Samsung sets its sights on being number one in the tablet market

November 6, 2013
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samsung galaxy note 10.1 aa (12)

In recent years, Samsung has aggressively marketed its Galaxy smartphones and found ways to set themselves apart as the go-to brand for those looking for something different than “just another iPhone”. As a result, for many less tech-savvy individuals the “Galaxy” brand has become nearly synonymous with the word Android.

Winning over the smartphone market is impressive, but Samsung has its sights on even more. At a special Analysts Day event held today in South Korea, we learned about Samsung’s future tech plans when it comes to CPUs, displays and even cameras.

Beyond that, the company’s CEO JK Shin also revealed that their latest goal is to steal the tablet crown from Apple, and become the “most beloved” company in the mobile world. Of course Shin gave no exact time-line for this feat.

For many consumers the iPad is still considered the “gold standard” when it comes to tablets, but Samsung is already starting to catch up. According to Shin, Sammy is expected to sell over 40 million tablets this year, double the amount they sold in 2012.

In contrast, Apple is estimated to sell around 72 million devices this year, versus 65.7 million in 2012. In other words, Apple’s tablet growth is starting to slow down, while Samsung is finally starting to see a major jump up in support.

Can Samsung accomplish this goal?

So what stands in Samsung’s way? If their growth continues at this rate, we imagine very little. Traditionally though, Android has been known by consumers as a “weaker” platform when it comes to tablet apps, which may have previously held back Samsung’s growth.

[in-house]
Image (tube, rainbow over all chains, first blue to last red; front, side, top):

The good news is that the number of tablet-optimized apps for Android seems to be on the rise and Google has even begun pushing several changes to its Play Store that should help further stimulate the growth of Android tablet apps.

Another area of weakness for Samsung has been its overall specs, particularly when it comes to displays. While Samsung brings its A-game with most of its smartphones, Samsung’s tablets are often good but not necessarily “great” when you consider their price tag.

An example of this is the Galaxy Tab 3, which packs a dual-core CPU and a 1024×600 resolution display and yet is only $50 cheaper than the Nexus 7 2013.

Of course, not all Samsung tablets feature lower-end specs and displays — devices like the Galaxy Note 10.1 (2014 edition) come to mind. And if the rumor mill is correct, we could also see unique Samsung tablets in 12 and 13-inch form factors that could also help Samsung gain momentum in the tablet world.

What do you think of Samsung’s current tablet efforts, what needs to change if the Korean giant really wishes to topple Apple’s throne? Conversely, do you feel that Samsung’s tablets are already some of the best Android tablets on the market?

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